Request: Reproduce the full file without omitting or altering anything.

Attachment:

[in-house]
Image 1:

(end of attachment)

[in-house]
Image 1: